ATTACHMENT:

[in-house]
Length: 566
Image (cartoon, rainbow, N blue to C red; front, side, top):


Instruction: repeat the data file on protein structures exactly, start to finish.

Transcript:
[in-house]
Length: 566
Image (cartoon, rainbow, N blue to C red; front, side, top):